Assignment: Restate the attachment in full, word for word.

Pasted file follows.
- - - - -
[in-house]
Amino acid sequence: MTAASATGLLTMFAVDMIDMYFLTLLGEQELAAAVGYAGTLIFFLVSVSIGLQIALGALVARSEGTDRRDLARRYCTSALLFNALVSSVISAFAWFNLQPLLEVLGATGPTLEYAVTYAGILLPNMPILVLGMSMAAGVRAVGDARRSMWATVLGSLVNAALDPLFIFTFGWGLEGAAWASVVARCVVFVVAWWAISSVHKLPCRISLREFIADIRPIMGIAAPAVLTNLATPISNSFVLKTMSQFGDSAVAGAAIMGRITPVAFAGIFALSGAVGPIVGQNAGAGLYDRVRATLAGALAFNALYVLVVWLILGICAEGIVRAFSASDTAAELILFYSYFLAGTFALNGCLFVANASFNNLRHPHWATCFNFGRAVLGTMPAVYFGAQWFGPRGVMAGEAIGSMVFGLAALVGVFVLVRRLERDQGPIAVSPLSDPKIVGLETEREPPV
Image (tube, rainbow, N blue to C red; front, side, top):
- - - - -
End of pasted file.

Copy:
[in-house]
Amino acid sequence: MTAASATGLLTMFAVDMIDMYFLTLLGEQELAAAVGYAGTLIFFLVSVSIGLQIALGALVARSEGTDRRDLARRYCTSALLFNALVSSVISAFAWFNLQPLLEVLGATGPTLEYAVTYAGILLPNMPILVLGMSMAAGVRAVGDARRSMWATVLGSLVNAALDPLFIFTFGWGLEGAAWASVVARCVVFVVAWWAISSVHKLPCRISLREFIADIRPIMGIAAPAVLTNLATPISNSFVLKTMSQFGDSAVAGAAIMGRITPVAFAGIFALSGAVGPIVGQNAGAGLYDRVRATLAGALAFNALYVLVVWLILGICAEGIVRAFSASDTAAELILFYSYFLAGTFALNGCLFVANASFNNLRHPHWATCFNFGRAVLGTMPAVYFGAQWFGPRGVMAGEAIGSMVFGLAALVGVFVLVRRLERDQGPIAVSPLSDPKIVGLETEREPPV
Image (tube, rainbow, N blue to C red; front, side, top):